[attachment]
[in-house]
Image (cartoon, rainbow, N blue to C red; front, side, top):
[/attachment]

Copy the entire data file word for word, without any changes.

[in-house]
Image (cartoon, rainbow, N blue to C red; front, side, top):